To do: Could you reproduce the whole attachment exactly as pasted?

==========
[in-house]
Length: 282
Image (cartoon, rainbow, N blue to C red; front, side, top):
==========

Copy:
[in-house]
Length: 282
Image (cartoon, rainbow, N blue to C red; front, side, top):